In the past I’ve written briefly about mental health and the crippling effect it has on the Black community, but I have never written anything in length because I never felt qualified. After a conversation with my friend Nadine surrounding the a character on the hit show “Empire”, coupled with her stories, I thought it would be a great idea to have her write a few blog posts focusing on the issues as well living in a community that doesn’t see it as a real disease. The series will also include two interviews (possibly three). My hope is that this series will help shed a light on a very important issue. That said, I introduce to you Nadine M.
I was scrolling through my timeline on Facebook one day after Empire had aired. In the episode, the main character’s Son suffered two mental breaks. One happened on an elevator with only his two siblings as witnesses, his younger brother singing in order to calm him down, all three in tears. The second occurred in a glass boardroom for the whole firm to watch. After a manic tirade, the character was tranquilized by EMT’s and taken to the hospital while his father and wife looked on. Both scenes were equally heartbreaking. Yet, many social media posters seemed to think they were funny. “Andre fought the basketballs and the balls won,” said one. “His crazy ass needs to be locked up,” said another. On and on similar comments went. Shaken, I logged off.
The character on the show, Andre, suffers from bi-Polar disorder. He had recently gone off his medication after being emotionally hurt by his father. This event triggered a flurry of manic decisions and behaviour followed by what is known as a mental break. While off of the prescribed medication, someone who suffers from the illness can go for days without eating or sleeping. They experience mood swings so sharp that you and they have no idea whether they are up or down. Eventually, when the break happens it can be so severe that the person may become a threat to themselves and you. The only way to settle them down at that point is sedation and hospitalization. This was the scene that played out on this episode of Empire.
In real life, approximately 2.6 percent of American adults or 6.1 million people live with bi-polar disorder. Yet, people laughed. According to the National Alliance on Mental Illness*, 1 in 4 adults or approximately 61.5 million Americans experiences mental illness in a given year. 1 in 17 live with a serious mental illness such as schizophrenia, major depression or bipolar disorder. Approximately 20% of youth ages 13 to 18 experience severe mental disorders in a given year. For ages 8 – 15 the number is approximately 13%. Almost 26 % of homeless adults living in shelters have serious mental illness. About 20% of youth in the juvenile justice system lives with severe mental illness. Of these numbers here is one of the most sobering: About 60% of adults and 50% of the youth diagnosed have received no mental health services in the previous year. The group that seeks help the least? African Americans. As you can see by the numbers cited above, this is no laughing matter.In the coming weeks I will be discussing mental illness in its different forms. We will explore the history of mental illness and its current role. Hopefully, we will find answers (and hopefully solutions) to the following questions:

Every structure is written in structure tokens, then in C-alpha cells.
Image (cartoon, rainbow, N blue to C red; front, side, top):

- Why then do we laugh?
- Why is this issue not spoken about more?
- Can it happen to me?
- Why is “crazy” a moniker that we carelessly throw around?
- What can we do to help?
- How can we help someone suffering or a caretaker of a person with a diagnosis?
I look forward to hearing your comments.
One Love, Nae.
*1 National Alliance on Mental Illness, Mental illness Facts and Numbers, March 2013. Reviewed by Ken Duckworth,MD.